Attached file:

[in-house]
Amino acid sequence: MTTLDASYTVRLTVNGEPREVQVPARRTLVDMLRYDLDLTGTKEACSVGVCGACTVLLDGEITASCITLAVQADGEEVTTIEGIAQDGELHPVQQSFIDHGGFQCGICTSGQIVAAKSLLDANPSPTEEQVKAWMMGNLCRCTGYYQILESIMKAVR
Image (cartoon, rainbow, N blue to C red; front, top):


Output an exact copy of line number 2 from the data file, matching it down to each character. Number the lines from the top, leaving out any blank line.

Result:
Amino acid sequence: MTTLDASYTVRLTVNGEPREVQVPARRTLVDMLRYDLDLTGTKEACSVGVCGACTVLLDGEITASCITLAVQADGEEVTTIEGIAQDGELHPVQQSFIDHGGFQCGICTSGQIVAAKSLLDANPSPTEEQVKAWMMGNLCRCTGYYQILESIMKAVR